Democrats Say Life In MS Not Easy

While Mississippi Democrats are hopeful their nominee will make it to the White House, they aren't counting on support from their home state to get him there. Party members from the 4th Congressional District met in Long Beach on Saturday to choose delegates for the National Convention in Boston this summer. They talked about the difficulties of being Democratic in a largely Republican state.

"I ask you to send me to Boston so I can cast my vote for South Mississippi for John Kerry to be our president," Emily Liner told a group of fellow Democrats.

The 18-year-old believes in the principles the Democratic party. It's a party she says needs to do more to get its message out to Mississippians.

"I think that we need to branch out and attract younger voters because a lot of younger voters are apathetic," she said.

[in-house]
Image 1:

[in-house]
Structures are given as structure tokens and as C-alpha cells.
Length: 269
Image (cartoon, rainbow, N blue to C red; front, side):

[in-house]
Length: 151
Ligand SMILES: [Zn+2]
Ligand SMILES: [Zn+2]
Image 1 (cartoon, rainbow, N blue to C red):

Bay St. Louis author and Democrat Ted Reuter is skeptical about presidential nominee John Kerry's changes of carrying Mississippi in November.

"Pretty unlikely," he said. "It's a pretty Republican state. I think he's got a chance in Louisiana and he's got a chance in Florida, but Mississippi would be extremely difficult."

The people at the convention say they're in a difficult position. Critics from outside Mississippi accuse them of not living up to Democratic ideals of social and economic justice, while in-state critics label them as being too liberal.

Margene Minor moved to the South from Illinois.

"I believe that it has been historically very difficult to be a Democrat in Mississippi because most of the Democrats in Mississippi are African Americans. I admire they're courage and they're fortitude. They have had to put everything on the line to be Democrats," she said. "I want as much as I can to be apart of this party and be a part of people who've supported beliefs and goals when it's very difficult to do so."

Democrats chose five delegates to represent the fourth district at the National Convention in Boston in late July. It's possible that more delegates from South Mississippi may be selected at the state Democratic convention in Jackson later this month.